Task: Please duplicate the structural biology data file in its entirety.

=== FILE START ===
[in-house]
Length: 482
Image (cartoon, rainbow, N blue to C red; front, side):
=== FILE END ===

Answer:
[in-house]
Length: 482
Image (cartoon, rainbow, N blue to C red; front, side):